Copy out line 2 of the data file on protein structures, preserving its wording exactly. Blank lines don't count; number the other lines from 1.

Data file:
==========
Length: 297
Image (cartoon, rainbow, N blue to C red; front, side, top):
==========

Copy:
Image (cartoon, rainbow, N blue to C red; front, side, top):